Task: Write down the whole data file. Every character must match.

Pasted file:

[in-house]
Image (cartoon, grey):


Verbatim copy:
[in-house]
Image (cartoon, grey):